The Chevrolet Silverado electric full-size pickup is designed from the ground up to be an EV, harnessing the best of the Ultium Platform and Silverado’s proven capability. The electric Silverado will offer customers a GM-estimated range of more than 400 miles on a full charge. Both retail and fleet versions will be available.
Today’s announcement affirms Chevrolet’s commitment to build on the brand’s 100 years of truck expertise and leadership, while transitioning to an all-electric future in the light-vehicle space.
Reuss also confirmed the recently revealed GMC HUMMER EV SUV will be built at Factory ZERO.
GM plans to deliver more than 1 million electric vehicles globally by 2025 and earn EV market leadership in North America. GM says it has reduced vehicle development times by nearly 50 percent to just 26 months with the company’s Ultium Platform, virtual development tools and technology.
“The vehicles coming from Factory ZERO will change the world, and how the world views electric vehicles,” said Reuss. “The GMC HUMMER EV SUV joins its stablemate in the realm of true supertrucks, and Chevrolet will take everything Chevy’s loyal truck buyers love about Silverado — and more — and put it into an electric pickup that will delight retail and commercial customers alike.”
In January 2020, GM announced it was investing $2.2 billion in its Detroit-Hamtramck assembly plant to produce a variety of all-electric trucks and SUVs. In October 2020, GM renamed the plant Factory ZERO, which reflects the facility’s significance in advancing GM’s vision of a future with zero crashes, zero emissions and zero congestion. Factory ZERO is the launchpad for GM’s multi-brand EV strategy. The facility has advanced technology and tooling and was designed with a focus on sustainable manufacturing. The GMC HUMMER EV pickup and the Cruise Origin, a purpose-built, all-electric and shared self-driving vehicle will also be built at Factory ZERO. Production of the GMC HUMMER EV pickup will begin later this year.
Factory ZERO is undergoing a complete renovation and retooling, the largest ever for a GM manufacturing facility. The plant’s paint and body shops and general assembly area are receiving comprehensive upgrades, including new machines, conveyors, controls and tooling. The plant has expanded to over 4.5 million square feet.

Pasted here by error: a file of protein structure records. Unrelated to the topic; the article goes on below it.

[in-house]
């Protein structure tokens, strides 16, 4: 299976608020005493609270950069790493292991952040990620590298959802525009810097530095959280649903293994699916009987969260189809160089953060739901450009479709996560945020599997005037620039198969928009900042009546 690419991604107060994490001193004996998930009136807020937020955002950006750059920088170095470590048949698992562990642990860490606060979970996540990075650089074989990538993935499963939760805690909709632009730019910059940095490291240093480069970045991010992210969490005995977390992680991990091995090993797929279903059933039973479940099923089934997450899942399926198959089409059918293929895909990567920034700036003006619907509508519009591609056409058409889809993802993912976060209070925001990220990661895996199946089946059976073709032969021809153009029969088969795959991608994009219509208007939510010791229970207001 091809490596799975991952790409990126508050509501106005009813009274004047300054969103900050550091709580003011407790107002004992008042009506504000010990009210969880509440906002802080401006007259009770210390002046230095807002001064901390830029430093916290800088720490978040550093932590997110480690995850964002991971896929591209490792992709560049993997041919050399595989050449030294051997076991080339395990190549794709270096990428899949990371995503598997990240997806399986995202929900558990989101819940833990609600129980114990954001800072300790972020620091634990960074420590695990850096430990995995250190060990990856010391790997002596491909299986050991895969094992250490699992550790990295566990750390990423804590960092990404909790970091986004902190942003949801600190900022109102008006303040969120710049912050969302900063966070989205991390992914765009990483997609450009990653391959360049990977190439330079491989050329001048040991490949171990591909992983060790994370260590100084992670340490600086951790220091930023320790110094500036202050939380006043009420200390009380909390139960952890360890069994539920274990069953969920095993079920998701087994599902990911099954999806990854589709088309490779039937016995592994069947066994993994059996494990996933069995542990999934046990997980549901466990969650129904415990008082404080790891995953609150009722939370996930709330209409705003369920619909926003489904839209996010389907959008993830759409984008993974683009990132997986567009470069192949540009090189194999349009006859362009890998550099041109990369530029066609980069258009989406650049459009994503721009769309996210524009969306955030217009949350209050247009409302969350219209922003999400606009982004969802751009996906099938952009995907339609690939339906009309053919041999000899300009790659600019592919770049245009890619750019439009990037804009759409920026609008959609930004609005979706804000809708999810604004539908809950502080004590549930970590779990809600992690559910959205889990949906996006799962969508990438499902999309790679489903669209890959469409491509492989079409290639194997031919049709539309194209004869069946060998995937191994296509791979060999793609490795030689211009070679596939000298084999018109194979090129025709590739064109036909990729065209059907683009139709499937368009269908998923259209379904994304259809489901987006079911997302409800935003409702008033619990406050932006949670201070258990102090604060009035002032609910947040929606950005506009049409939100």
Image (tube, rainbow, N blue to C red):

General Motors has made several announcements in the last 18 months about rapidly driving toward its all-electric, zero-emissions future, including:
– GM revealed the heart of its EV strategy, a modular propulsion system and highly flexible global EV platform powered by proprietary Ultium batteries that will allow the company to compete for nearly every customer in the market today.
– GM committed more than $27 billion to EV and AV product development, including $7 billion in 2021 and plans to launch 30 EVs globally by the end of 2025, with more than two-thirds available in North America. Cadillac, GMC, Chevrolet and Buick will all be represented, with EVs at all price points for work, adventure, performance and family use.
– Chevrolet announced its growing EV lineup with the 2022 Bolt EUV and Bolt EV, both expected in dealerships this summer.
– In January 2021, GM unveiled BrightDrop, a new business that aims to electrify and improve the delivery of goods and services by offering an ecosystem of electric first-to-last-mile products, software and services to help empower delivery and logistics companies to move goods more efficiently.
– GM’s zero-emissions technology will extend to fuel cells and the company announced it will supply its Hydrotec fuel cell power cubes to Navistar for use in its production model fuel cell electric vehicle – the International® RHTM Series.
– In October 2020, GM announced it would invest $2 billion in its Spring Hill, Tennessee assembly plant to begin the transition to become the company’s third vehicle manufacturing site to produce electric vehicles, joining Factory ZERO and Orion Assembly.
– In 2019, GM announced the formation of Ultium Cells LLC, a joint venture with LG Energy Solution to mass-produce battery cells in Lordstown, Ohio for future battery-electric vehicles. Construction of the $2.3 billion facility is well underway.